I’ve been in the hospitality industry for nearly all of my working life, so I’ve always heard whispers of the annual Oklahoma Restaurant Association expo.
“All the best restaurants in town are there, and you can eat as much food as you want. There’s free beer and liquor EVERYWHERE. They’ve also got the best porno mags hidden underneath trash cans and behind all the toilets!”
All of that is true except for the last bit about the legends of woods porn, although it honestly wouldn’t be a shock if there were a few copies of ‘JUGS MONTHLY’ stashed away inside the toilet tank of the men’s commode.
Yesterday was my first time to go to the ORA’s yearly bonanza. I was fortunate enough to be invited to judge the Cocktail Shakedown because my other writing gig is for a local food magazine. This involved getting to the State Fairgrounds at 9 am, and drinking by 10:00. Sure, writing may not pay very well, but it does have some perks:
I am no stranger to day drinking, but it is very odd to be doing it in a professional sense at a time and day when brunch is practically banned in Oklahoma City. I could try to count on one hand the establishments that are open and serving liquor at 10am on a Tuesday, but two fingers usually comes across as offensive in someway or another. And usually those places don’t have a DJ playing a dubstep remix of Oasis’ ‘Wonderwall’ three times an hour.
My fellow judges were restaurateurs or the sons of them: the upper crust of Henry Hudsons, a new place that’s about to open up, and the products of the loins of one of the most accomplished chefs in town, these were the men laying judgement upon the poor bartenders ten to twenty years older than our panel. They were all very friendly and white and male, so I fit right in, but the lack of diversity on the judging panel was a bit surprising.
The contestants ranged from some of the best bartenders at the most Yelp!able hipster bars to people from places that I’d never even heard of, which was quite refreshing, to be honest. There were 16 bartenders competing in timed competitions where they had to use specific products, and they were judged on things like the appearance and flavors of their drinks, but also how they interacted with the host and us judges, because after all, they’re still bartenders. Think Chopped but on a more State Fair level. Here are some photos:
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Semi-Finals Round Sponsored by @rndc_usa , @maliburumpr , @thebotanistgin Sara Stewart, Doc’s Wine & Food Rainier Crespo, Noonrise Kingdom Events Rebecca Hargrove-Santos, Paseo Grill Megan Harris, Stitch Cafe West Village Hailey Harmon, Grady’s 66 Pub Garret Blevins, Winstar World Casino TJ Apple, Gun Izakaya Nathan Cover, The Jones Assembly Kaleigh Slack, Hacienda Taco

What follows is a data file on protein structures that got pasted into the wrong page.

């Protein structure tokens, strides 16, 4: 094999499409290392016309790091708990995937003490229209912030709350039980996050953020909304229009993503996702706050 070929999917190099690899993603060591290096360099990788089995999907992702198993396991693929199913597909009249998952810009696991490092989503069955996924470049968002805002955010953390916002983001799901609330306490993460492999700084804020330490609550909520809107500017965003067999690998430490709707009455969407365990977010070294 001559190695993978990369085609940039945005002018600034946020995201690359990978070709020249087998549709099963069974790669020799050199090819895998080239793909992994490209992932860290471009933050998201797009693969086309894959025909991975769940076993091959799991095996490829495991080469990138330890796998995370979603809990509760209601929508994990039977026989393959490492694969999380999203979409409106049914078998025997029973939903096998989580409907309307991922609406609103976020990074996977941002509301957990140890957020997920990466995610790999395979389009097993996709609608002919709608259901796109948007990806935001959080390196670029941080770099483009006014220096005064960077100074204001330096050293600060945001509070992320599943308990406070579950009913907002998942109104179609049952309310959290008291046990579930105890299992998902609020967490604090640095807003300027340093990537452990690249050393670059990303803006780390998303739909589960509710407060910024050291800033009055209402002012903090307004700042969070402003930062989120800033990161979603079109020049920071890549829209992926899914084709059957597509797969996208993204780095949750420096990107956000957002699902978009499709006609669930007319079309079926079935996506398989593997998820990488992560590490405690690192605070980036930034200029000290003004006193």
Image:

In between some of several heats of competitions, I’d take a moment to run to the bathroom, because sampling literally 40 cocktails and 10+ different spirits and trying to balance it out with bottled water does a number on your bladder. During that time, I’d check out the floor of the event.
The ORA exposition brings in not only restaurants, but also distributors of food and liquor, kitchen appliance manufacturers, companies who make hot water heaters and take-out boxes and really anything that would be practical or whimsical in the industry. Every bathroom trip, I was met with men in cheap suits, their essence reeking of the starvation of success. “Yes, you have an Alto-Shaam, but what is your dehydrator situation like? Here’s my card.”
Imagine going into one of the buildings during the Great State Fair of Oklahoma, but instead of carnies trying to sell you leather wallets and framed LED waterfall animations, they’ve zoomed in and focused on your target demographic. Is it time to upgrade the heat lamps on your pass? You’ve already got a distributor for processed chicken breast, how about we get your contract for cheaper?
Trade shows are a hell of a thing, and they are best enjoyed with no spending agenda and more than a dozen people trying to please you with intoxicants. All that said, it was a great time, except for when I had to give shitty ballot votes to my friends who are otherwise fine bartenders but couldn’t help having a heavy hand with the lavender in their simple syrup.
All in all, it was one of the more stressful experiences I’ve ever had day drinking, but when I called my Lyft at four in the afternoon with a complimentary gift basket full of liquor and goofy glassware, I couldn’t really complain…